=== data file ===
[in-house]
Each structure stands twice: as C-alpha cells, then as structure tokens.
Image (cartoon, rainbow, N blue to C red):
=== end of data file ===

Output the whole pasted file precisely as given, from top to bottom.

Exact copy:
[in-house]
Each structure stands twice: as C-alpha cells, then as structure tokens.
Image (cartoon, rainbow, N blue to C red):